From Tata Sierra and Safari to now an EV – Tata Motors hits the road with concept electric SUV
Tata Motors, which is known for some of the most exciting concept cars, lived up to its expectations at this year’s Auto Expo 2020.
Paying homage to the legendary Sierra SUV, the company showcased the Tata Sierra EV concept, an all-electric SUV, which brings with it a rush of memories and a beacon of hope for the future.
Here’s all you need to know about the new Sierra EV.
Origin of Sierra
The Tata Sierra was introduced for the first time in 1991. Not only was it the first off-road SUV by the manufacturer, but also the first car produced in India with electric windows, air conditioning, and adjustable steering wheel. Even the humble tachometer made its first debut in the Sierra.
Powering the Sierra was a 2.0-litre four-cylinder diesel engine sourced from Peugeot. Initially sold as a naturally-aspirated engine, the Sierra had a top speed of 130 kmph. This engine was given a turbocharger in 1998, which helped not only increase the power output but also the top speed to 160 kmph. Tata retailed the Sierra in two variants - a rear wheel drive and a four-wheel drive variant.
Tata even exported the Sierra to Spain, France, Germany, and Italy. In fact, Italy even got a special dual-tone paint scheme designed by the iconic Italian designer Orciari.
However, the three-door car did not received the desired commercial success, and was replaced by the Safari in 2000. But its off-road capabilities and highway stability won the hearts of enthusiasts.
The Safari, which was launched as a replacement to the Sierra, attained cult status. Initially the SUV was retailed with the same 2.0-litre Peugeot derived diesel mill. A 2.1-litre petrol (135 PS), developed by Tata and Austrian engine maker AVL, was on offer from 2003, but was later discontinued around 2005. Some of the key reasons why the petrol Safari was discontinued were a high price tag and a low fuel economy.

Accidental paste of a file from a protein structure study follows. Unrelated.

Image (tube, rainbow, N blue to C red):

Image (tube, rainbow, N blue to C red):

Later, in 2005, the company introduced a Mercedes derived 3.0-litre diesel engine, which had a significantly lower price tag than the outgoing petrol version. While its value for money proposition did win it laurels, its low reliability led to frequent breakdowns. This saw the entry of the 2.2-litre diesel mill, which was originally the DW12 mill from the PSA group. Tata, along with AVL, tuned it for Indian conditions.
Sagar Parikh, Chief Editor of one of India’s leading and oldest automobile news website, believes the key to Safari’s success has been the positioning of the product and lack of affordable competition.
He says, “Safari was the only affordable, full-size SUV made in India at the time of its launch. Its competitors like the Pajero Sport were imports and were therefore significantly more expensive. Tata also triumphed because of a larger dealer network and easy access to service centres, especially in the rural markets.”